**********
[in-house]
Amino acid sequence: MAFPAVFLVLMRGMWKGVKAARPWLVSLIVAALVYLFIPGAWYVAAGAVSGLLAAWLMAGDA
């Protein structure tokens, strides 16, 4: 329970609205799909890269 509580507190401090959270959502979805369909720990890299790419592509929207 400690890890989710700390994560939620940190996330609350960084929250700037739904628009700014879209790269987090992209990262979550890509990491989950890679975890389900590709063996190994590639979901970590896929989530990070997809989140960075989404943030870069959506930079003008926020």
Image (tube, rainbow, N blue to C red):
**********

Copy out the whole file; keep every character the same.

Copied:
[in-house]
Amino acid sequence: MAFPAVFLVLMRGMWKGVKAARPWLVSLIVAALVYLFIPGAWYVAAGAVSGLLAAWLMAGDA
């Protein structure tokens, strides 16, 4: 329970609205799909890269 509580507190401090959270959502979805369909720990890299790419592509929207 400690890890989710700390994560939620940190996330609350960084929250700037739904628009700014879209790269987090992209990262979550890509990491989950890679975890389900590709063996190994590639979901970590896929989530990070997809989140960075989404943030870069959506930079003008926020």
Image (tube, rainbow, N blue to C red):